Wednesday, February 20, 2019

Libertarian blogger has scuffle with Youtube over community standards; Sandmann sues Washington Post; Clarence Thomas echoes Trump on libel laws

There are a couple more interesting news developments with individual personalities. 

Libertarian video blogger Matt Christiansen from Bozeman, Montana, known for carefully crafted and intellectually argued criticisms of Leftist behaviors (rather like Tim Pool and “Economic Invincibility” at times), found that YouTube had penalized him with a Community Guidelines strike, apparently when he “unlisted” an obscure video presenting some of the violence at an early 2017 kidnapping incident in Chicago where a white person with special needs was targeted.  The incident had apparently been livestreamed on Facebook before being removed.  It is true that many video bloggers make commentaries where they include third party excerpts from violent events filmed by others. 

It is also true that a video marked unlisted (which means it is found only when hyperlinked) or private can be subject to YouTube’s rules.  And Lior Leser (YouTuberLaw) has sometimes advised creators not to appeal strikes because they may lose the ability to appeal future strikes.  This problem may be compounded by recent incidents with fake or unjustified copyright strikes from questionable complaints.

However Christiansen reports this morning that the strike was removed and he can livestream again. 

In the meantime, Nicholas Sandmann (and family) have sued the Washington Post (Jeff Bezos). 

The lawsuit complaint text is worth reading as it details Sandmann’s steady behavior during the encounter with Phillips, and says his own political views are not formed (because he is a minor).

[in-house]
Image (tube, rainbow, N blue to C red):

Sandmann is 16.  But David Hogg was still 17 when he delivered his “no more” speech on March 24 in Washington (really, which side of the political spectrum is expressed doesn’t matter to me).  

Mature and gifted minors can be very capable of implementing very complex ideas.  Taylor Wilson and Jack Andraka both came up with their scientific inventions at age 14.  Sandmann appears to be very mature and have similar intellectual capabilities. 

But I would agree that the public and the press should not expect a minor to defer to the “political correctness” of others when meeting someone in a public place who purports to be from a disadvantaged minority.  Sandmann simply treated it as an individual encounter and kept the incident calm. 

In many of   these cases it seems that the far Left is simply appealing to nothing more than “us v them” and looks for whatever straws it can find to identify enemies. The far Left seems to brag about collective victimhood and that gets in the way of any healing and resolution of our growing inequalities.  The Parkland “kids” (Hogg, etc) have thankfully been much better than that (they seem to accept capitalism and free markets) and are really getting somewhere with gun control reforms. 

Clarence Thomas has attractive controversy by criticizing the 1964 New York Times v. Sullivan ruling, meaning that public figures have a much higher standard (recklessness or malice) of proof against defendants in libel suits.  But who gets to be a public figure?  The notability for a Wikipedia page?  Or just a video channel or influential blog? 

No comments: